Watch a film, save a relationship? Seems like a dodgy premise, on the surface, but there may be something to it. In actuality, movies about relationships can stimulate conversations between couples who are exploring ways of improving their connection. A good provocative movie about couples working through their differences may be just as thought-provoking as a self-help book. It’s no big secret that good communication is one of the major cornerstones of any relationship: marriage, friendship, family, professional etc. Anything that sparks an introspective chat is likely to strengthen communication quality.
The Department of Clinical & Social Sciences at University of Rochester have taken this observation one step further. They have compiled a list of 100 movies that depict couples’ relationships any of which could activate useful conversations among couples. And wouldn’t you know that some of the movies are really quite good. Days of Wine & Roses will spark conversation about substance abuse. On Golden Pond goes right to the heart of aging together. The Devil’s Advocate spins a cautionary tale about professionally ambitious couples (and perhaps why not to marry lawyers). Indecent Proposal proposes a revisit to defining fidelity. The Before Midnight/Before Sunset/Before Sunrise Linklater-directed trilogy of movies is among the best relationship movies ever made. The University has even compiled a set of discussion questions to guide the after-movie conversation.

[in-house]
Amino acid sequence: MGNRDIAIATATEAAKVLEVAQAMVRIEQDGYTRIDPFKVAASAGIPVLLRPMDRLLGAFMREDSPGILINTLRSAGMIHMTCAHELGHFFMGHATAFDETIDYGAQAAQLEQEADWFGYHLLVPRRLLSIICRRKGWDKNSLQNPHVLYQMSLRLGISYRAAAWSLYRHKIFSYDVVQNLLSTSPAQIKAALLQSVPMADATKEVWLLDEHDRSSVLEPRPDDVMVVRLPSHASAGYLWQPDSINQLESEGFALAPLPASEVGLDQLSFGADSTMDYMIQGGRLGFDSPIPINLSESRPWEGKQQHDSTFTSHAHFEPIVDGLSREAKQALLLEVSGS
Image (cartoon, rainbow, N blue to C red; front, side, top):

Now here’s the real interesting catch: it may even save you money. The $50 bucks or so that you spend on two such movies each year may help ward off the $250 per hour marriage therapists. Not a bad economic proposition. It is an even better proposition if you watch those movies through a low-cost streaming video provider like Netflix or Amazon Prime. (many of the movies on the University’s list can be found on streaming media) So, catch a movie, save a marriage? It might suffer from overstatement, but as a relationship tune-up, there is a lot of sense behind couples going to relationship-oriented films on a periodic basis, followed by a good conversation.